1962 – Three behind defending champion Gary Player, after nine holes (of the 18-hole playoff) at 34 to 37, Arnold Palmer came back in 31 for a 68 to Gary’s 37 for 71 to win an unprecedented three-way playoff, before 16,000 fans. The 1958 PGA Champion, Dow Finsterwarld was the third man in the playoff.

1967 – Gay Brewer won the 31st Masters Tournament by a single stroke over Bobby Nichols. He finished with a 67 for a 280 total (-8). Nichols, leader through 54 holes, had a 70 for 281.

1972 – Jack Nicklaus won his fourth Masters Tournament with a 286 total (-2), tying with Arnold Palmer for the most Masters victories. It was also Jack’s 12th triumph in a major event. Tom Weiskopf, Australian Bruce Crampton and Bobby Mitchell tied for second at 289 (+1).

1973 – Tommy Aaron, the man who penciled Roberto De Vicenzo out of the 1968 Masters title, won the 37th Masters Tournament. Tommy had a 283 (- 5) to beat J.C. Snead by one stroke and Jack Nicklaus, Peter Oosterhuis and Jim Jamieson by two.

1978 – Gary Player won the 42nd Masters Tournament. He surged from seven strokes behind with a nine birdie, one bogey, record-tying 64, eight under par, and finished at 277 total (-11). Hubert Green, who opened the day with a three-shot lead, missed a 30th inch putt on the final hole to tie. Ron Funseth also missed narrowly a 24-feet putt on the 18th to tie, and Tom Watson missed a 12-fott par putt to tie. These saved the Masters from the first sudden-death playoff in its history.

1989 – Nick Faldo won the 53rd Masters Tournament after Scott Hoch missed a two-foot putt on the first hole of playoff. Faldo made eight birdies against one bogey to close with a 65, 7 under par, the low round of the tournament, and went on to beat Hoch by sinking a 25-foot putt on the second hole (the 11th). They had tied at 283 total (-5) and one shot ahead of Greg Norman and Ben Crenshaw.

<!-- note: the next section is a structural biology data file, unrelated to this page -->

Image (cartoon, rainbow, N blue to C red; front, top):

1995 – Playing with memories of his coach Harvey Penick – who died the previous Sunday – Ben Crenshaw went out and shot 70, 67, 69, 68 to win the 59th Masters Tournament. His 274 total (- 14) clipped Davis Love III by one shot and Jay has and Greg Norman by two.

2006 – Phil Mickelson shot a final round of 69 for a 281 total (-7) to claim his second green jacket by two strokes. Phil became the first player since Tiger Woods to win back-to-back majors and the only other active player (besides Woods and Tom Watson) to win a major championship three consecutive years. South African Tim Clark finished second with 283.

April 10

1949 – Sam Snead won the 13th Masters Tournament with a 282 total (-6). He was three strokes better than Lloyd Mangrum and Johnny Bulla, who tied for second.

1955 – Cary Middlecoff won the 19th Masters Tournament by shooting rounds of 72, 65, 72, 70 for a 279 total (- 9). He finished with a seven stroke margin over Ben Hogan. Cary’s second round in 65 was the second best ever shot in the Masters.

1960 – Arnold Palmer birdied the last two holes to defeat Ken Venturi by one stroke. Palmer had rounds of 67, 73, 72, 70 and a 282 total (- 6) to win the 24th Masters for the second time in three years, joining Ben Hogan, Byron Nelson and Horton Smith as two-time winners.

1961 – South African, Gary Player became the first foreigner to win the Masters Tournament. He finished with a 280 total (-8) edging Arnold Palmer by one stroke as Palmer blew to a double-bogey on the last hole in his bind to repeat as champion. Amateur Charles Coe finished in a tie for second with Palmer at 281.